Synopses & Reviews
Ren Daiyan was still just a boy when he took the lives of seven men while guarding an imperial magistrate. That moment on a lonely road changed his life in entirely unexpected ways, sending him into the forests of Kitai among the outlaws. From there he emerges years laterand his life changes again, dramatically, as he circles toward the court and emperor, while war approaches Kitai from the north.
Lin Shan is the daughter of a scholar, his beloved only child. Educated by him in ways young women never are, gifted as a songwriter and calligrapher, she finds herself living a life suspended between two worlds. Her intelligence captivates an emperorand alienates women at the court. But when her fathers life is endangered by the savage politics of the day, Shan must act in ways no woman ever has.
In an empire divided by bitter factions circling an exquisitely cultured emperor who loves his gardens and his art far more than the burdens of governing, dramatic events on the northern steppe alter the balance of power in the world, leading to events no one could have foretold, under the river of stars.
For the Northern mercenary called Blaise, it began with the death of a king and betrayal in the form of a peace treaty. Wandering in self-imposed exile, he would journey to the Kingdom of Arbonne, where the Court of Love made warriors bow to troubadours, and a well-sung ballad was valued as highly as a skillfully swung sword. But Arbonne was a troubled realm, torn by an ancient feud between its two most powerful dukes and coveted as a prize by the land in which Blaise himself had grown to manhood. And no one—except perhaps Arbonnes goddess—could forsee that one Northern mercenary might become the key to Arbonnes destiny....
View our feature on Guy Gavriel Kay’s Under Heaven. In his latest innovative novel, the award-winning author evokes the dazzling Tang Dynasty of 8th-century China in a story of honor and power.
Inspired by the glory and power of Tang dynasty China, Guy Gavriel Kay has created a masterpiece.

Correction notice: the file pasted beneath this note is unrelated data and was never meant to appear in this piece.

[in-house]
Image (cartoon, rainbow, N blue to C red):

It begins simply. Shen Tai, son of an illustrious general serving the Emperor of Kitai, has spent two years honoring the memory of his late father by burying the bones of the dead from both armies at the site of one of his father's last great battles. In recognition of his labors and his filial piety, an unlikely source has sent him a dangerous gift: 250 Sardian horses.
You give a man one of the famed Sardian horses to reward him greatly. You give him four or five to exalt him above his fellows, propel him towards rank, and earn him jealousy, possibly mortal jealousy. Two hundred and fifty is an unthinkable gift, a gift to overwhelm an emperor.
Wisely, the gift comes with the stipulation that Tai must claim the horses in person. Otherwise he would probably be dead already...
In the golden city of Sarantium, the renowned mosaicist Crispin seeks to fulfill his artistic ambitions and his destiny high upon a dome intended to be the emperor's enduring sanctuary and legacy. But the emperor is plotting a conquest of Crispin's homeland to regain an empire. And with his fate entwined with that of his royal benefactor, Crispin's loyalties come with a very high price.
Crispin is a master mosaicist, creating beautiful art with colored stones and glass. Summoned to Sarantium by imperial request, he bears a Queen's secret mission, and a talisman from an alchemist. Once in the fabled city, with its taverns and gilded sanctuaries, chariot races and palaces, intrigues and violence, Crispin must find his own source of power in order to survive-and unexpectedly discovers it high on the scaffolding of his own greatest creation.
About the Author
Guy Gavriel Kay is an internationally bestselling author. He has been awarded the International Goliardos Prize for his work in the literature of the fantastic, is a two-time winner of the Aurora Award, and won the 2008 World Fantasy Award for Ysabel. His works have been translated into twenty-five languages.